By: Tom Vander Ark and Vic Vuchic

You’ve heard that computers don’t understand human emotions well, so people should focus less on basic skills and more on social and emotional learning. It’s a prevalent narrative but it just isn’t true anymore.

Artificial intelligence (AI) is actually already brilliant at understanding and engaging (even manipulating) people’s emotions and social interactions in powerful ways.

Facebook is a giant social and emotional learning engine. Facebook has many of your emotional memories (your photos and videos), it knows who you care about socially (your friends that you interact with), and it knows what you prefer (by what you “like”). It brings these three things together at an incredible scale to decide what goes into your feeds to engage you both socially and emotionally.  Exhibit one is the personalized movie of 2018 memories you received last week. The AI engine knew to prioritize kids, meals with friends you interact with a lot and sunsets to engage your emotions and keep your attention.  Judging by the hours and hours that over a billion people spend on Facebook, it does a pretty good job of engaging people’s emotions!

Google photo curates “great memories” videos and it knows that a video of a baby taking first steps will bring more joy than the photo of a cereal box taken for a shopping list. YouTube knows how you’ll you’ll smile and laugh at a cat video and recoil in horror at child abuse.

Microsoft built XiaoIce, the most popular social chatbot, with the personality of an 18-year-old Chinese girl who is reliable, sympathetic, affectionate, and has a wonderful sense of humor. XiaoIce is “an AI companion with which users form long-term, emotional connections”, Microsoft researchers explain in a new paper.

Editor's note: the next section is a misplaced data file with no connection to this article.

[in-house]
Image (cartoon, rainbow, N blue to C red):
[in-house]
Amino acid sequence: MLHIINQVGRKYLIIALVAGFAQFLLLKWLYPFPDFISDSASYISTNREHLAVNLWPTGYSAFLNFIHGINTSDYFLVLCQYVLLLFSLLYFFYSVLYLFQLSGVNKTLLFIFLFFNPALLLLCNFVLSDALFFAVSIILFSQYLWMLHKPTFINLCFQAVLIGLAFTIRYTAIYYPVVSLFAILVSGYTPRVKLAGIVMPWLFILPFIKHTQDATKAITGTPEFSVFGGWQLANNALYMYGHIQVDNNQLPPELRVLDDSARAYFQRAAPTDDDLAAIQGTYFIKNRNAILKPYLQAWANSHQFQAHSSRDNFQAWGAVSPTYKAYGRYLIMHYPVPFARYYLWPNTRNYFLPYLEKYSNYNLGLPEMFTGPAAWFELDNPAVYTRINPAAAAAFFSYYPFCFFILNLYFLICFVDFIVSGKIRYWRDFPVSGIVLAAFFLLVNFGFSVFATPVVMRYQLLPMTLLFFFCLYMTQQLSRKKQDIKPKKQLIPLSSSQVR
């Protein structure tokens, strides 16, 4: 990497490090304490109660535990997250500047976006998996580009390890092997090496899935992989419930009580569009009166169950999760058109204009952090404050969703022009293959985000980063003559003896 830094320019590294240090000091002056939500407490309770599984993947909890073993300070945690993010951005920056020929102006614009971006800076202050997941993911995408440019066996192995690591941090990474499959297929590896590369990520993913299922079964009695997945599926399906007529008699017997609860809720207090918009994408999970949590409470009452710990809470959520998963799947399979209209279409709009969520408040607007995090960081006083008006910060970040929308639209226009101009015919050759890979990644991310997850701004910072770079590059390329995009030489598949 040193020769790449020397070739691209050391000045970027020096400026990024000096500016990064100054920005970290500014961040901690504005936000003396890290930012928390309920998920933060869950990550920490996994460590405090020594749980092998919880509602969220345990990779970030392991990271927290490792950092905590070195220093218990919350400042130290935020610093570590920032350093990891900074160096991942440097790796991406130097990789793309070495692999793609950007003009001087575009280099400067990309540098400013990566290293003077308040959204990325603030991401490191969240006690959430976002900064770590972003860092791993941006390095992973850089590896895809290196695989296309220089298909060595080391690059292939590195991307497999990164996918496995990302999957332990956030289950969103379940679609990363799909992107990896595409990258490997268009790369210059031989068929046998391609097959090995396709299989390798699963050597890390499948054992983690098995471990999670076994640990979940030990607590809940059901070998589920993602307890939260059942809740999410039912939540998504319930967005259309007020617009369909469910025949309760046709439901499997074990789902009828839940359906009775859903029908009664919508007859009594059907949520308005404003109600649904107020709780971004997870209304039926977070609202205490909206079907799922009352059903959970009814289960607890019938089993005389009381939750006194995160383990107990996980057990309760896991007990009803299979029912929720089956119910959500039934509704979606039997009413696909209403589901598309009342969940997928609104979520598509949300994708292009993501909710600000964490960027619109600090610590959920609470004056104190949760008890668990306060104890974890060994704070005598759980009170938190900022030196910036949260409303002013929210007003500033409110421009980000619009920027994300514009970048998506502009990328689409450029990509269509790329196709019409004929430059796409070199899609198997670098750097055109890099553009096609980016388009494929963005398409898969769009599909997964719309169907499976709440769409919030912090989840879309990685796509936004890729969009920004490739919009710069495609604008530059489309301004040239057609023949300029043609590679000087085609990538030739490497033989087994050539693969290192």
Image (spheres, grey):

The good news is that AI is and will be used for tremendous good. AI is improving treatments for military veterans experiencing PTSD and children that have experienced trauma. AI will help detect underlying emotional difficulties that may be driving health issues and guide them in better more holistic treatments.

Breakthroughs in EQ

Rapid advancements in AI and enabling technology have dramatically improved machine EQ. There are more cameras and sensors that capture larger data sets. With faster processing and bigger data sets, voice and facial recognition have improved. Enormous global social media networks have been able to test their way to deep motivational understanding, particularly around persistence.

AI is smart but in narrow slivers of EQ today. “Making agents interact comfortably with humans is a substantial challenge for AI developers.” That’s one of the five big ideas from AI4K12, a group of academics led by Dave Touretzky from Carnegie Mellon. Comfortable interaction requires conversing in natural language, recognizing emotional states, and inferring intentions from observed behavior.

While AI has a ways to go to interact comfortably with humans, it already is communicating and interacting emotionally with people in millions of other ways (e.g., all the feeds on your smartphone, gaming systems, fitness trackers). Just because it’s not a human representation doesn’t mean it’s not engaging with you emotionally.

“We humans care deeply about how others see us – and the others whose approval we seek will increasingly be artificial,” said Judith Donath at Harvard University’s Berkman Klein Center for Internet & Society.